We just finished our third week of language study. Did you know that in Kiswahili there are four different verbs for wash/clean? There's one that you use for washing your face, hands and legs. Then another one entirely (that sounds nothing like the first one) for washing the rest of your body. No, seriously. So instead of posting pictures of us with smoke coming out of our ears, I thought I'd post pics of the teachers we get to work with everyday. They are encouraging. They are generous. They are servants. We love the time we get to spend with them...even when we don't know what they are saying.
Petero Mkubwa, Big Peter, is one of our main teachers. He is a pastor, teacher, and excellent storyteller. He has been teaching language for about 20 years. He is from Turkana, the northern part of Kenya, and pairs the language with cultural stories in a way that makes the class fly by.
Petero Mdogo, Peter Small, has been at the school for a little over a year and a half. We spend part of our mornings monday through friday with him. They say it takes a thousand mistakes to learn a language. Its not so bad making mistakes with someone who feels like a little brother.
Dada Stella starts the morning devotions leading us in singing. It's a wonderful sound. After twenty years teaching at the language school, she still enjoys laughing. She promises its not at us, really, its more with us.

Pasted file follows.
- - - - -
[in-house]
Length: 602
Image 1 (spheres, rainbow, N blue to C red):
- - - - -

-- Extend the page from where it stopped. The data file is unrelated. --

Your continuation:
When Mike saw this picture of Samweli he said, Yes, that's him! Making music and smiling. He has been a teacher here for two years. We have not had him in class, but at chai time (the BEST time of the day) we practice our Swahili together with him.
When Margaret heard it was 'picture day' she wanted to be on the blog too. Margaret is the administrative assistant and has been with the language school since it started twenty years ago. She and Dada Stella had been working together at another language school that ended up closing. So they, with one other person, decided to start their own school. Now, with more teachers added, they are still working together to teach us missionaries how to communicate clearly in our new home country.
We are enjoying being here and really appreciate the hard work it takes to help us learn to speak and listen and communicate with those around us.
It's been a month since we arrived in Kenya. We've done orientation to the field, we've seen and visited what will be our new home here, and we've moved into an apartment near Nairobi for language study and completed our first week of language. A month seems like a long time, but we are still getting our bearings. The kids are doing well with the constant transitions. I think Caleb will acclimatize faster than all of us. He waves and greets each person he sees, no matter how far away they are. Eden has made it her full time job to look for, capture and name chameleons in each place we have stayed. If there is an animal, she is interested in it. I think she has come to the right place. Mike and I are busy studying language and trying to unearth all the vocabulary that's been buried in our long term memory. Thankfully, we haven't forgotten how to enjoy chai that is a Kenyan tradition.
Mike (pediatric surgeon) and Julie (nurse/mother to two) living in Kenya, East Africa